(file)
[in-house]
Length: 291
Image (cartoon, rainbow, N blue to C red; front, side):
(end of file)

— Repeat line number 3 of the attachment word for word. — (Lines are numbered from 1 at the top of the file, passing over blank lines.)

Image (cartoon, rainbow, N blue to C red; front, side):